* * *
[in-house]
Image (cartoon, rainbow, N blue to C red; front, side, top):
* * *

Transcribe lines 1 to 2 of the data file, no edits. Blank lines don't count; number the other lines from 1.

[in-house]
Image (cartoon, rainbow, N blue to C red; front, side, top):